Today I drove up to Russellville, TN for the opening reception of a Civil War Art exhibition. The collection consisted of a number of really beautiful original paintings by Marie Merritt covering the civil war, and included one painting of General Longstreet Marie painted for the museum and which was unveiled at the showing. And you could not have a better location for the showing than an antebellum American house that General Longstreet occupied during the winter of 1863-1864.
The historic Nenney House served as the winter headquarters for General Longstreet just after the Battle of Bean’s Station in December of 1963. Russellville became the winter camp for his Confederate army. The house has been painstakingly restored by the Lakeway Civil War Preservation Association to serve as a museum. It is the centerpiece of the Civil War Trail in the Lakeway area. The museum’s gift shop also contains an excellent Tennessee Civil War history reference library and Civil War related souvenirs and publications. The museum hosts several special events throughout the year. A reproduction of an 1860’s era tailor shop features both Confederate and Union uniforms and other period dress. It is a perfect setting for an exhibit like this one.
Paintings by Marie Merritt
That is Marie Merritt standing on the staircase in the Nenney House with some of the “reenactors” who were present for the event. I first met Marie at a gallery on Gay Street in Knoxville, TN through my friend, Vicki Goforth. I met Vicki back in my ballroom dancing days and we have remained friends over the years. I enjoyed Marie’s paintings at the gallery, so when I received an invitation to attend the exhibition at the General Longstreet Museum, I had to go. I am a military history buff after all. To be honest, I had no idea this little gem of a museum even existed. What a great surprise. It is definitely worth a visit and I recommend stopping by if you are in the area.
Here is a picture of several of the paintings mounted on a wall in what was probably the sitting room of this historic old house. That is my friend, Vicki, in the red jacket.
One of my personal favorites was this painting below of a Confederate sharpshooter.
Sadly, I must confess that at the time I was taking pictures, I did not know about the special painting of General Longstreet Marie did for the museum which sat to the side on an easel. And somehow, I missed getting a picture of it. But on the bright side, that gives me an excuse to make another trip up to this great little museum in the not-to-distant future.
And here is one picture that might be a little off topic, but I still had to share it. General Longstreet’s staff probably sent messages on this very telegraph. This is probably one of the earliest known predecessors to the smartphone!
I read once that a karate kata could be called a dance of death
Now, I am not talking about some of the highly sensational “stuff” that has come out over the years. There are many books out there by such prolific “martial arts” writers as Ashida Kim talking about Count Dante and others, claiming that The Dance of Death is the most deadly collection of “poison hand” techniques known to man. There are also several “martial arts” genre movies that have been released using versions of the phrase “Dance of Death” in their titles. All I am going to say about that martial arts “pulp fiction” is, buyer beware.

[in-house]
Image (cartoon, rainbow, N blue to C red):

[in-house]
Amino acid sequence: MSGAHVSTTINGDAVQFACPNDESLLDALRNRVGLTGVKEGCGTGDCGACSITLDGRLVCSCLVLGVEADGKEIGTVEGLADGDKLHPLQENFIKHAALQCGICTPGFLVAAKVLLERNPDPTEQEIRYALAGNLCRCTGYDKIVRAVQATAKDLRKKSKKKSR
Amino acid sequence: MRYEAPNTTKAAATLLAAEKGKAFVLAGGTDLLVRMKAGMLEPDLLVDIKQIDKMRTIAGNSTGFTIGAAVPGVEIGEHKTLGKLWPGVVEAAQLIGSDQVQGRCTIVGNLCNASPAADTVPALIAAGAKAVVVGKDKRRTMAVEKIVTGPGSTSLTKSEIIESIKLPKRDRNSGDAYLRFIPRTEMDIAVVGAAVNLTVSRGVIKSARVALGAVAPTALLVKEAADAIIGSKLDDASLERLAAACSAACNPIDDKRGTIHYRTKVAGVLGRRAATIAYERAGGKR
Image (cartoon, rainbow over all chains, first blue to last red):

But in general, I think you could consider a kata to be a form of dance. It is a series of movements combining concepts such footwork and stances, proper posture, presence, balance, flow, relaxation, dynamic tension, etc. They have a certain rhythm which can vary as skill grows or even depending on what the practitioner is thinking technique-wise. And, you could easily receive a description such as this from a karate instructor – or a ballroom dance instructor.
Ballroom Dancing and Karate-do
Ballroom dance and karate both require years of practice to achieve real skill. Both require the study of and understanding of body mechanics, timing, breathing, distance, technique, and posture.
Both require a great deal of time spent practicing basic techniques, simple patterns, and advanced choreographed movements, the mastery of which later allows the skilled practitioner to forget the patterns and to allow his own expression of technique or dance to flow.
The similarities do not end there!
For both karate and ballroom dancing, a good instructor can make all the difference in the world. I first started out learning basic steps from instructors that were essentially a few lessons ahead of me. Having studied karate with a few excellent instructors, I soon became bored with this level of teaching. I wanted more.
Then I met Mark and Rhonda Becker at Champion Ballroom in Knoxville. This husband and wife team are both great instructors. They did not teach steps – they taught you the art of ballroom dancing.
That was when the similarities between karate-do and ballroom dancing began to really show.
So, are karate kata really a dance of death?
Well, if you consider that a traditional karate kata has so much in common with a dance, and then take into consideration what a kata contains, I would say the answer is – yes.
What is a kata? It essentially is a collection of effective and proven combat techniques distilled down to their purest form. Like a dance, they require balance, breath control, timing, focus, proper body mechanics, and flow.
They also require understanding. Many of the techniques, while they certainly can be modified, if executed to their fullest potential, have disastrous effects on the human body. Many can, indeed, be fatal.
So, from that perspective, I guess they could be called, “The Dance of Death.” But they are so much more than that.